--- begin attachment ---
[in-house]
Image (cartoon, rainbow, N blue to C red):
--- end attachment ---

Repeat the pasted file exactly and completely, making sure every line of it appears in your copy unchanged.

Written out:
[in-house]
Image (cartoon, rainbow, N blue to C red):